The collapse in natural gas prices since July has taken some of the heat out of gas development in Pennsylvania, but the state's hoard is still in demand.

In a $127.5 million deal announced yesterday, Atlas Pipeline Partners L.P. and the Williams Cos. Inc. formed a joint venture to speed the flow of natural gas from Marcellus shale in southwestern Pennsylvania.

Marcellus shale is a 365 million-year-old layer of rock that starts in New York and arcs through Pennsylvania into West Virginia. It is believed to hold a huge store of natural gas 5,000 to 8,000 feet below ground.

Atlas has headquarters near Pittsburgh, but some executive offices are in Philadelphia.

Williams, an integrated natural gas company in Tulsa, Okla., is paying $90 million to Atlas Pipeline and issuing a $25.5 million note to the joint venture, Laurel Mountain Midstream L.L.C., which will operate Atlas Pipeline's 1,800 miles of lines that gather natural gas from 6,900 wells.

Williams is also paying $12 million to Atlas Energy Resources L.L.C., a natural gas producer that will be the joint venture's anchor customer, for two plants that remove water and other impurities from natural gas before it is shipped to utilities and industrial users.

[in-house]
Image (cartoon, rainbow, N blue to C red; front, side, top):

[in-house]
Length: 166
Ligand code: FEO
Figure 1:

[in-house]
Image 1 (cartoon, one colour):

The venture gets "Williams into one of the largest emerging natural gas plays in North America at an attractive price," Steve Malcolm, Williams' chairman and chief executive officer, said in a statement.

Natural gas producers have maintained their interest in Marcellus shale despite a decline in the price of natural gas to less than $4 per 1,000 cubic fee this week from more than $13 for 1,000 cubic feet in July, during a commodities bubble.

"We don't see this going away. It may have slowed a little bit," said Steven W. Rhoads, president of the Pennsylvania Oil & Gas Association in Harrisburg.

Nationwide, the number of active natural gas drilling rigs has fallen nearly by half since the peak last year, to 868 from 1,620, according to financial research from Jefferies & Co. Inc.

By comparison, the number of rigs drilling in the relatively new development of Pennsylvania's Marcellus shale was down only slightly to 13 in March from 15 at last year's peak, Jefferies said.

So far, drillers have begun work on 325 Marcellus shale wells, said Tom Rathbun, a spokesman for the Pennsylvania Department of Environmental Protection. The state has issued 864 Marcellus shale permits, he said.

Brian Begley, vice president of investor relations for Atlas, said the company expected this year to drill 110 to 120 Marcellus wells. The company has leased 274,000 acres in southwestern Pennsylvania, mostly in Fayette and Greene Counties. Marcellus "will be a large part of production this year," he said. In 2008, the company produced an average of 92.6 million cubic feet of natural gas per day.